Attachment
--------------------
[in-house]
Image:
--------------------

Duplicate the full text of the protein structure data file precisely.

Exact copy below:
[in-house]
Image: